Are You a Projector?
A projector machine takes something small and enlarges it massively. So too, like the projector we may take a character trait of another person, which may be small and insignificant, and blow it out of all proportion. We react in this way with blame, dislike or disgust.
Audio – Are You a Projector? (Music by Cafe Del Maar – Vol Trece II)
Projection, or ‘blame shifting’, is the human tendency to dump our rubbish onto others. We have a trait or tendency within ourselves that causes us pain and we throw the blame for that pain onto the other person.
For example if I blame my friend for not accompanying me or spending time with me and I wallow away in my own sorrow, it means I am not befriending myself, and I am expecting something from the other that they cannot deliver. The friend may have many reasons for not being available, but for the person who is doing the projecting, it feels certain that their friend has abandoned them!
Projection was conceptualized by Freud. He considered that in projection, “…thoughts, motivations, desires, and feelings that cannot be accepted as one’s own are dealt with by being placed in the outside world and attributed to someone else.” (Wikipedia)
If you think about it, we cannot react to something in someone else unless we identify with it ourselves. Why would I react in a negative way to needy people? Only because I have a neediness in myself. Why don’t I like rudeness in other people? Again because I have the ability to be pretty rude myself at times! Why do I feel uncomfortable around poor people? Only because I fear poverty for my own self.
In the case of marriage, to give another example, one partner begins to accuse the other of being unfaithful, when that one themselves has thoughts of infidelity or cheating. The bully may project his inner feelings of vulnerability onto his victim and feel a reclaim of power as he beats him up. In a more positive manner, the mother may project hope in her daughter of becoming something she could not have become herself, or the teacher may project excellence in his student – something he did not himself achieve.
How often do we point the finger at the other when, at the same time three are pointing back at ourselves. As we blame others for the way we feel, we are trying to absolve ourselves of the responsibility. Blame is the opposite of taking responsibility and blaming others indicates a lack of personal power.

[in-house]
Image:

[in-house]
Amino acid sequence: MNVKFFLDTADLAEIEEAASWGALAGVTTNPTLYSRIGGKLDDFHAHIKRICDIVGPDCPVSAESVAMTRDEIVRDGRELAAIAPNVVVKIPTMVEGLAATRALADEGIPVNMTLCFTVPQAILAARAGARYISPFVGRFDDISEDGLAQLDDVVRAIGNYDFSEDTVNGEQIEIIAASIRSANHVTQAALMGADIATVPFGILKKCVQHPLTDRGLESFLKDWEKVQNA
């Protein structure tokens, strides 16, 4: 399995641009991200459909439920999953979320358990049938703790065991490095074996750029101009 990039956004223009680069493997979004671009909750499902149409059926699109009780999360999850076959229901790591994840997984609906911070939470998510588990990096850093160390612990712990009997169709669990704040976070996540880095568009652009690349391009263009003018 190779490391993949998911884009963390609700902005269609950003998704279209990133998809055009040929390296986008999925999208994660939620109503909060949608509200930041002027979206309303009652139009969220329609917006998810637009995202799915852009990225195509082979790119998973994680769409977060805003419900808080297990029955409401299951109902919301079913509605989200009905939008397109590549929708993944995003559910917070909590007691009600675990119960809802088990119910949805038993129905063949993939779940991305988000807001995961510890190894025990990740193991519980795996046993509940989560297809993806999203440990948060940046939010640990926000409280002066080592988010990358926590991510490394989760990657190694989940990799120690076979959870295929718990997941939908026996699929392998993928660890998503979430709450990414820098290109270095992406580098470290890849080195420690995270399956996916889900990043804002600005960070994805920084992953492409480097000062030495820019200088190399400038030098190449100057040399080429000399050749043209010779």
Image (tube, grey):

As I blame the other, I am handing my power over to them. If I say ‘you make me unhappy’, what I am also saying subconsciously is, ‘only you can make me happy!’ And that is surely not the case!
As I blame and criticize, these thoughts and feelings disempower me. I become a victim. I do not feel in charge of my life. And if I am not in charge of my life then who is?
Why is it that we need to project in the first place? The answer lies in us, in our insecurities. When we do not have feelings of our own self worth, then we try to make ourselves appear prettier, or better, or richer or whatever… by throwing our negative feelings about ourselves onto someone else to make them look worse.
We only project when we can’t deal with what is going on inside of ourselves. But with meditation and cultivation of a little self worth, we are in a much better position to face ourselves and do the work that we need to do.
Once I am in full view of all my value and worth, once I take full responsibility for my thoughts, feelings and happiness, then I no longer need to project anything out there.
I need to remind myself once more: I am totally in charge of how I feel or don’t feel. Only I can make that difference, no one else. I am the author of my life.
It’s time… to stop projecting and to take charge of our thoughts and feelings and happiness once more. Stop blaming, start taking responsibility and you will never need to use the ‘projector’ ever again!
Meditation Experience (Music by Chinmaya Dunster – Full Moon)
© ‘It’s Time…’ by Aruna Ladva, BK Publications London, UK